Title

[Albert Schweitzer’s New Testament Contributions by Joseph A. Johnson Jr.]

Streaming Media

 
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Collection

Isaac R. Clark Memorial Collection

Document Type

Audio

Date Information

1965-11-07

Playing Time

00:51:23

Abstract

Interdenominational Theological Center New Testament professor Joseph A. Johnson gives a lecture on Albert Schweitzer’s contributions to New Testament studies. In his lecture he discusses Schweitzer’s book “The Quest of the Historical Jesus.” Johnson’s claims on this book rests the fame of Schweitzer. He explains the focus of the book and describes it as a turning point in New Testament studies. Also included is a lecture by an unidentified male. In the lecture he discusses effective change agent criteria for pastors. He determines understanding and identifying as key parts of the criteria.

File Name

auc.117.b26t07.19651107.aud0029

Comments

00:00:05 Unidentified man introduces program and introduces ITC New Testament professor Dr. Joseph A. Johnson Jr. and his subject , Schweitzer’s contribution to New Testament studies.

00:00:26 Joseph A. Johnson Jr. talks about Schweitzer’s plan to go to Africa as a missionary. Talks about his death in Africa.

00:02:17 Talks about Schweitzer’s most abiding fame rests on his book “The Quest of the Historical Jesus.” The book surveys the critical history that had been written about Jesus in Germany for over 100 years.

00:03:42 Talks about the statement that opens the book, the greatest achievement of German theology is the critical investigation of the life of Jesus.

00:11:45 Talks about how Schweitzer’s book is a turning point and how New Testament scholars can never go back again to when scholars sought to disregard the eschatological and apocalyptic element in the Gospel proclamation.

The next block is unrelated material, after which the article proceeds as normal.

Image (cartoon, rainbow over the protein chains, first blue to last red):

00:13:51 Lecture ends.

00:14:07 Unidentified man talks about how in order for pastors to be effective change agents they must have the following: philosophy of growth, secondly patience, know his people well, learn interpersonal competence, be able to identify the problems and the needs, help people formulate desired goals, and to be able to understand and identify the motives of the people. There must also be purpose, program and techniques.

00:19:50 Questions from audience.

00:51:23 Audio ends.

Acknowledgements

The Atlanta University Center Robert W. Woodruff Library acknowledges the generous support of the National Endowment for Humanities - Humanities Collections and Reference Resources Implementation Project Grant in supporting the processing and digitization of a number of its major archival collections as part of the project: Spreading the Word: Expanding Access to African American Religious Archival Collections at the Atlanta University Center Robert W. Woodruff Library.

Rights

All audio content in this collection is protected by copyright or is the property of the Robert W. Woodruff Library of the Atlanta University Center, Inc., and/or the copyright holder as appropriate. For more information or to inquire about permission to publish, please contact archives@auctr.edu with specific object file name.

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